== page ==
This originally appeared as part of the article “Typewriters and Lint Balls and Ice Cream, Oh My!” Novelty Many of us worked in fast...
Jones, Laws and Lathrop residence halls on the University of Missouri campus are seeing a makeover, beginning with the Jones Residence Hall and Dobbs Pavilion being torn down.
This area, the Dobbs group, is part of a master plan of residential hall renovations that Mizzou Residential Life has been thinking about since 1997 and began planning for in 2001.
Frankie Minor, director of residential life, says the first issue in making this renovation decision was weighing the cost of renovating the buildings against the cost of replacing them. The buildings received renovations in 2002, which included fixing water leakage issues and installing window air-conditioning units. That helped for a while but wasn’t a long-term solution.
“It was like putting a Band-Aid on it,” Minor says.
In 2012, the decision was made to tear the buildings down and replace them.
“We needed to increase the capacity on the site, and we couldn’t do that if we renovated,” Minor says.
Minor says the buildings, built in 1957, are due for an upgrade. They’re not energy efficient, for example, so the upgrade will improve that aspect of the buildings.
“We know more about energy efficiency now than we did in 1957,” Minor says.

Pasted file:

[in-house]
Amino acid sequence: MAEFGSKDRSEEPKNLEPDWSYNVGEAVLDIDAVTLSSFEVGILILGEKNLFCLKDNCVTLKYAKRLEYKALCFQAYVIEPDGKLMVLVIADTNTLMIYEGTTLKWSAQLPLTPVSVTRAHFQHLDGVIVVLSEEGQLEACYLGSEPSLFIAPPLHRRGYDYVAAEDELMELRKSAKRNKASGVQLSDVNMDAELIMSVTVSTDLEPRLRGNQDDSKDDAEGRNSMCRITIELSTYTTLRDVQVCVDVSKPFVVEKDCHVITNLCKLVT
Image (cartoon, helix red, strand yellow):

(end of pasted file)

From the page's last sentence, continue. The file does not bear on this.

The buildings will also see an upgrade in space for studying and aesthetics.
Jones Residence Hall has 340 beds. With Laws and Lathrop halls, the area offers 1,010 beds total. The renovations to this area will increase the total bed count to 1,269.
“The expanded footprint of the new buildings — planned to be five stories tall and styled similar to North, Center and South halls — will cover where Jones currently is and the basketball court on the south side of the building,” according to a press release from Mizzou News. The upgrade will come at a cost to students, $250 more a year. Currently, it costs $4,625 a year to live in Jones.
“The buildings look out of place…” Minor says. “The upgrade allows us to have more architectural consistency.”
The Residential Life Master Plan includes multiple stages. So far, 18 projects have been completed, according to the Residential Life Master Plan website. The Dobbs Replacement Project is predicted to be completed by August 2017.